Stoker Peter Kennedy, Royal Naval Reserve, from Ballymena lost on HMS QUEEN MARY at the Battle of Jutland.  Peter, a member of Cavehill Orange Lodge lived at Ritchie Street in Belfast and left behind his wife and 4 children under 11 years old.

Moses Alexander Reid SS Bray Head

Moses Alexander Reid SS Bray Head

15 year old Midshipman Gervase Ronald Bruce from Downhill, Derry, one of ten cadets lost on HMS MONMOUTH. Five more Ulster teenagers were lost; Belfast boys Stoker (2nd) John McAteer, Boy (1st) William Connell, Able Seaman William A. J. Wilson and Ordinary Seaman Herbert Kelly as well as Ordinary Seaman Henry McNally who was from Draperstown.

Leading Stoker Joyce Power left young twins and a pregnant wife in Ballymena after the sinking of HMS HAWKE. His daughter Margaret Hawke Power named after the ship he was killed on.  Also drowned was Able Seaman Albert Patterson Wilson whose first daughter Frances was born only 4 weeks later on 14 November. Mariette Isabella Donald was born at the end of 1914, her father Martie Donald not returning to Carrickfergus to meet his newborn daughter.

The Gorman siblings from Clifton Park in Belfast lost one brother, Charles on HMS PATHFINDER in September only to hear of the death of another brother, Able Seaman James Toland Gorman, only one month later on HMS HAWKE.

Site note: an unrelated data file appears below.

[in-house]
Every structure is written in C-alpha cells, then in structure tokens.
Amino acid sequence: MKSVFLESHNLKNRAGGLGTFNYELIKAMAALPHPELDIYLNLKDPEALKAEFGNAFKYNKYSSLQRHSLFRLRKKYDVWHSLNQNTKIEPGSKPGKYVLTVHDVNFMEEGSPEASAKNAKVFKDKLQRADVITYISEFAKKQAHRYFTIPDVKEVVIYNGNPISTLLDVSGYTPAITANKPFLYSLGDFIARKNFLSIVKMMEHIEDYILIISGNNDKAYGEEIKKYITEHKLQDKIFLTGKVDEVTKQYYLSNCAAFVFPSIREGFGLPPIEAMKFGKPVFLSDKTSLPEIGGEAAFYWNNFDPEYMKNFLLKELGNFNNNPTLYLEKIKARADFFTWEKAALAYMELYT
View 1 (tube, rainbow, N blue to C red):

Sullatober Flute band from Carrickfergus who lost one of their players Henry McMurran on HMS CRESSY, 3 weeks later suffered yet another tragedy with the loss of another member, Stoker (1st class) Andrew McAllister on HMS HAWKE.

Notes

HMS RAMSEY is a single role Minehunter with a crew of 40 personnel.  More information can be seen here http://www.royalnavy.mod.uk/ramsey

LÉ CIARA is a Coastal Patrol Vessel of the Irish Naval Service with a crew of 42. More information can be seen here http://www.military.ie/naval-service/fleet/coastal-patrol-vessel/le-ciara-p-42/

Never mind the trenches! Experiences of British sailors during the First World War by Simon Smith

The ongoing commemoration of the Great War reveals just how much this episode of our history continues to interest and influence our understanding of the past. However, the Great War continues to be studied primarily as a land-based conflict despite the Royal Navy’s crucial role. Ask someone about Jutland and they will probably look perplexed. Much remains to be done to put the navy back into the public memory of the war, and my own research is working towards this. It considers the personal experience of British sailors during the war as expressed in their diaries, particularly the collection held by the National Museum Royal Navy Portsmouth.[1]